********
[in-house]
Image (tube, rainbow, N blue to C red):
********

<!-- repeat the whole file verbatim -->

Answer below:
[in-house]
Image (tube, rainbow, N blue to C red):